'I blip the throttle, and vroom, a boisterous, big band explosion of singing valves and muscular pistons come to life, seemingly aching to take you through the stratosphere.'
We may have kicked out the American GIs from their bases here back in the '90s, but the love for all things ‘Murrican still runs deep—fastfood, pop culture, clothing brands, and of course, fast cars.
Chevrolet has always had an uphill battle to gain everyman street cred since a decade ago, but growth in the past several years has been rapid: more than two dozen dealerships across the country, a growing community of satisfied customers, and a solid, mainstream lineup of passenger cars and utility vehicles. The love for the bowtie brand may yet accelerate with the imminent arrival of its hallowed sports car nee supercar, the Corvette.
Back in the '80s, Chevrolet had a wonderful catchphrase to sum up what it meant to its home country, "the heartbeat of America." Until today, take a look at the motoring population of American freeways, parking lots, and suburban driveways, and chances are you will find a Silverado, Tahoe or Suburban. In my short trip to Las Vegas and Detroit for this story, I lost count of how many late model Chevy trucks I saw on the road. And going against the tide of trucks and SUVs is its own Bolt EV, a rather popular model in the electric/hybrid market.
But of course the Corvette is king. I first fell in love with the Corvette when Arnold Schwarzenegger threw it around some corners (albeit a replica) in True Lies. Avid readers of Car and Driver and Road & Track during those publications' glory days will recall how it seemed the Corvette was in every other issue during the late '80s and 1990s.
And why shouldn't it? With a small block V8 throwing a lightweight, fiberglass body around with enough gusto to shame a Porsche, it was a typically American response to the challenge of physics: There is not much that cannot be solved with brute force. They did it with their fighter planes and their aircraft carriers. Why shouldn't they do it with the premiere American sports car?
And now we have this, the seventh-generation (C7) Corvette, possibly as close to perfect as you can get it while holding the line on price. Yes, price, because while Chevrolet is holding the pricing card close to its chest, my paper napkin math tells me the car will ring in under P10 million based on its US pricing.
There aren't a lot of cars you can get for that kind of money with this much power and chutzpah. It does the 0-60mph (that's 96kph) sprint in less than 4 seconds, the quarter mile in a hair over 12 seconds at 188kph (Motor Trend testing). And it does the deed with no aftermarket modifications needed, too.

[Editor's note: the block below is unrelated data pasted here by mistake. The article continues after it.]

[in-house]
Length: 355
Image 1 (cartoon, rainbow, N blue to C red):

In typical American fashion, there is also the nuclear option: a choice of a supercharged Z06 or the limited edition, bazillion horsepower (755hp, I shit you not) ZR-1, perfectly taking it into the “up yours supercars” category for under $120,000 (taxes not included). God bless America.
Our little trip to Paradise took us to Mountain Springs Raceway resort, a privately run nirvana for moneyed folks who want to get away from it all so they can drive the bejesus out of their cars. It has condos, private garages, and a 3.2km track with lots of runoff area and just enough turns, straights and tricky sectors to make you a better driver.
The in-house driving school is run by Ron Fellows, an accomplished driver in the American motorsports scene. We are met on track day by instructors Rick, JJ, and Cole, part of the small army of instructors whose job is to teach the hundreds of drivers who go through the course every month how to get the most out of the Corvette. Their fleet numbers at least two dozen Corvettes, Camaros, and Cadillac ATS.
Our session is limited to just one morning, but it's no Mickey Mouse program. Even in “base” Stingray trim, the Corvette is a beast: 455hp at 6,000rpm, seven-speed manual or eight-speed automatic. Curb weight of just 3,392 pounds, or 7.1hp/lb. A suspension that doesn't look like much on paper (rear leaf springs, really?!), but which has proven time and again to make the ‘Vette a formidable track star.